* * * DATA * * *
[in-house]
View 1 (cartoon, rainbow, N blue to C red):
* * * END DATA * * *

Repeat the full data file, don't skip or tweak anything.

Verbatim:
[in-house]
View 1 (cartoon, rainbow, N blue to C red):